The Glass Half

Rarely have I ever seen such a dramatic glass half empty, glass half filled story.

The pessimists, the bears, the media based in New York and the economists who work for money center banks see an economy tanking, dollar falling apart, housing dead for a decade, and a stock market shuffling in the mud. Virtually, blood in the streets.

The optimists see a slowdown in housing offset by a surge in exports. They see softening interest rates, a useful fiscal stimulus that will easily pass Congress and be signed, a bottoming residential real estate climate very inviting to speculators, and booming economic growth in the U.S. by late 2008. They also see oil softening to $75 a barrel and refiners keeping gas well under $3 per gallon. The only real inflation is caused by the idiotic ethanol boondoggle which has screwed up the old balances in American agriculture.

When I look at the two scenarios, the glass half full view looks much more likely, particularly in the industrial arena. Wall Street has taken a series of body blows because of the latest derivatives fiasco. The sub-prime mortgage market is unwinding, but the refinancing wave will begin very soon as 5 percent money becomes available to solvent borrowers. If you add this to benign commercial rates, tax cuts for individuals, weak dollar, modest inflation, cheaper gas, a national election, and cheaper depreciation and small business write-offs, it spells explosive rebound. Man on the street confidence is soft now, and business has caught the fear bug because of the shrill, no-nothing New York media claque, but this will turn as the election gets closer. People are tired of Bush. An Obama presidency is both enormously bullish for personal confidence and very scary because of the senator’s leftist rhetoric. A Clinton nomination probably means another Republican in the White House, which means gridlock, which is usually bullish.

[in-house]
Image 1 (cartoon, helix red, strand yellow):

So at the end of January, 2008, the year looks very promising – if we are not blinded by the sourpusses.

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